Unselfish Bench Paying Dividends for Knicks

The grind has officially begun.

It’s not as if the Knicks have had it easy this season. They’ve faced the defending NBA champion Cavs twice; once in the season-opener, when Cleveland celebrated its title, and Wednesday night when the Knicks were playing the second game of a back-to-back, while the Cavs were rested.

The Knicks have faced tough matches against the Boston Celtics, Charlotte Hornets, Memphis Grizzlies, Houston Rockets, Oklahoma City Thunder, Portland Trail Blazers, and Utah Jazz, all of whom would be in the playoffs as of this writing.

But tonight the Knicks begin their first grueling road trip of the season in Sacramento against the Kings. It’s the first of a five-game, 10-day West Coast swing, highlighted by the December 15th game at Golden State.

This is the time of the season when depth is paramount. And the Knicks have proven to have a surprisingly deep and versatile, albeit young, bench.

“’Surprised’ I don’t think is the right word,’’ said Knicks coach Jeff Hornacek. “These guys are in the NBA for a reason. They can play.”

According to hoopsstats.com, the Knicks have the seventh best bench in the league with a plus/minus of plus 5.6.

“Sometimes you have a team where you have a distinct difference between guy eight or nine, and 10 through 15,’’ Hornacek said. “Our guys, they’re pretty even.”

“In practice every day, they battle each other so we have multiple guys at different positions. If they’re having a rough night, then maybe we go to one of our other guys. They understand that. They’re cheering for each other and when everybody gets in there and contributes, that’s a great thing to see.’’

Ahead of tonight's Beginnings premiere featuring Kyle O'Quinn, MSGNetworks.com contributor Lenn Robbins talks about what he learned about the Knicks' center.

Brandon Jennings, the backup point guard who has been a can of Red Bull off the bench, saw the potential of this group early on.

“I think it started in training camp,’’ Jennings said. “In training camp we just kind of clicked. Me and Kyle [O’Quinn] clicked. All the bench guys, we just clicked. We knew our starting unit was going to be good, so we had to try to be just as good.”

Jennings is leading the team with 5.1 assists in 22.2 minutes of play. He’s already posted three, 11-assist performances.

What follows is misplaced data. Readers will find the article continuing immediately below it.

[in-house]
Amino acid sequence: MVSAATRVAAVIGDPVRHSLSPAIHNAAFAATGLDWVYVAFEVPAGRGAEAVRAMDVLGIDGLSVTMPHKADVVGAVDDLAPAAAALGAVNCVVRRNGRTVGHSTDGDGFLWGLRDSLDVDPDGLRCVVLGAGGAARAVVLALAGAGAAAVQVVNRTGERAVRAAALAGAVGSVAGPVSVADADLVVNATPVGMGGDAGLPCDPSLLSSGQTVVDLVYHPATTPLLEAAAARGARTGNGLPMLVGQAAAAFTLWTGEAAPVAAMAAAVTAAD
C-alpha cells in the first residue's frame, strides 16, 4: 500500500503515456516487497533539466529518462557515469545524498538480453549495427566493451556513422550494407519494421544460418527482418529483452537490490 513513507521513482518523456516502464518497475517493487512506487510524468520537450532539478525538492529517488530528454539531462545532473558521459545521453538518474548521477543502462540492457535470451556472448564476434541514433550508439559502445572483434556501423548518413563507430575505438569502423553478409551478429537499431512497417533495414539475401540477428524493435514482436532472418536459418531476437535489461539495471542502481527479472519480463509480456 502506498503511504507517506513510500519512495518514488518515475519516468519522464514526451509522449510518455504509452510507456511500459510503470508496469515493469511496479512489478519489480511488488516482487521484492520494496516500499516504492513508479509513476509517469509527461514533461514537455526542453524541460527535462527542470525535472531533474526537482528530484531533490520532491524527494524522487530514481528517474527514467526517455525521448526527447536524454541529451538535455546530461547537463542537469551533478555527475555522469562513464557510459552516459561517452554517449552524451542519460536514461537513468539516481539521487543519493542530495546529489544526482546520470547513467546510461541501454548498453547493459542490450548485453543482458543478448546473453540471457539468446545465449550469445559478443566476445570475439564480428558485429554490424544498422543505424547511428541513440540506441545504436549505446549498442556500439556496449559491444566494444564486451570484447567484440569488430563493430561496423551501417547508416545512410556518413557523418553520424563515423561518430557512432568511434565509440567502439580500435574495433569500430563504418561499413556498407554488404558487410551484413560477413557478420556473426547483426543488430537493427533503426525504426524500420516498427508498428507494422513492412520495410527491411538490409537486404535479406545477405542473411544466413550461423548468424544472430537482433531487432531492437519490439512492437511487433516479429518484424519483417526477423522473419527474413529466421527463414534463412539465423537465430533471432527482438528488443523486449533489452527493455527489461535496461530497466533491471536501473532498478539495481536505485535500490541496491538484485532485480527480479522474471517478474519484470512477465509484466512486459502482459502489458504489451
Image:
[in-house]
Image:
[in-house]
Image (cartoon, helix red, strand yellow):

O’Quinn has taken his game to another level recently, highlighted by his 20-point, 13-rebound performance in a 118-114 win over the Timberwolves at The Garden.

Rookie Mindaugas Kuzminskas had a 14-point effort on 4-of-5 shooting from behind the arc in a 106-104 win over the T-Wolves in Minnesota.

“I’m just impressed with the younger guys I’m playing with,’’ Jennings said. “The second unit, they come with a lot of energy, move the ball well. We just play together.”

“We don’t care about stats or anything like that. We just go out there and whoever has it, just go.’’

Justin Holiday has been a defensive demon and shown the ability to knock down the ‘3’. And rookie Willy Hernangomez has shown a quick first step, a deft passing touch and the ability to finish with both hands.

Veteran Sasha Vujacic can still wake up from a nap and down a ‘3’. The versatile Lance Thomas is working his way back from a sprained ankle. Ron Baker, Maurice Ndour and Marshall Plumlee round out a group that is, according to starters, a challenge to practice against.

“They’re always going one hundred percent,’’ said starting shooting guard Courtney Lee. “They play a different style than us. We go against them in practice all the time. They’re more up-tempo, just getting and running. They give us problems in practice.

“Some of them played with each other overseas like KP [Kristaps Porzingis] and Willy played with each other. Kuz [Kuzminskas] played with some guys, too.

“Even though some of them are rookies, they know each other and they know the game. The progress of them coming together and getting their chemistry I think has been a little quicker.

“That’s a unit that definitely has been a positive for us.”

The positive is rooted in unselfishness.

“I think there’s an understanding, we all have the same mentality that we want to carry ourselves a certain way,’’ Holiday said. “When we get in the game we can help the team. I think we’re all professionals in the sense that we understand no matter how much time you get, do the best with it.’’

The best has been pretty darn good.